Center for Equal Opportunity

The nation’s only conservative think tank devoted to issues of race and ethnicity.

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Mt. Holly and “Disparate Impact”

This year the Supreme Court had agreed to resolve a fundamental question about the Fair Housing Act that it has never answered: Can you be found guilty of racial discrimination if you have not engaged in racial discrimination?

Suppose, for example, that the owner of an apartment complex decides that she does not want to rent units to individuals who have been convicted of drug offenses. She makes that decision without regard to race, her policy on its face does not treat people differently because of race, and indeed she enforces it in an evenhanded way, so that it applies equally to all applicants, without regard to race. Should she be liable for racial discrimination under the Fair Housing Act if it turns out that the policy in her neck of the woods has a disproportionate effect on this or that racial or ethnic group?

The Obama administration and the civil-rights establishment say, “Yes,” even though most everyone else would say, “No.” The administration and the civil-rights groups are afraid, in particular, that the Supreme Court will answer the question, “No,” too, and so they want very much to keep the Court from resolving this issue.

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Disparate Impact Insanity

In case you missed it, on February 26 I had an op-ed in the Wall Street Journal titled “How Not To Fight Discrimination.”  Here it is:

Welcome to the era of "disparate impact."

The Obama administration this month issued regulations formally adopting the "disparate impact" approach to its enforcement of the Fair Housing Act, the 1968 law designed to protect buyers and renters from discrimination (racial and otherwise). This approach is increasingly becoming standard in housing and every area of the law.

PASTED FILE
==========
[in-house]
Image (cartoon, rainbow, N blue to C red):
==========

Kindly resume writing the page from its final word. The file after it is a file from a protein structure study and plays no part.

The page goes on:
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Happy Thanksgiving, and more

First of all, a Happy Thanksgiving to you and yours from the Center for Equal Opportunity! We at CEO have much to be thankful for this year, and that certainly includes supporters like you.

One thing we would not put on our most-thankful-for list, however, is wacky interpretations of the civil-rights laws. Speaking of which …

The Supreme Court granted review earlier this month in Magner v. Gallagher, which presents the question whether a “disparate impact” cause of action can be brought under the Fair Housing Act. Such lawsuits would allow plaintiffs to challenge housing-related practices that lead to disproportionate racial or ethnic results, whether or not they have anything to do with actual discrimination. For example, a preference for tenants without criminal records could be attacked if this or that racial or ethnic group was more likely to have such a record. Many lower courts have recognized disparate-impact lawsuits, alas, but the Supreme Court has never resolved the issue.

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The (Illegitimate) Elephant in the Room

“Quid Pro Quota” is the apt title of an editorial this month in the Wall Street Journal (behind the paywall here). Here’s the story: Earlier this year, the Supreme Court was poised to hear oral arguments in the fully briefed Magner v. Gallagher, a case presenting the issue of whether a “disparate impact” cause of action may be brought under the Fair Housing Act.

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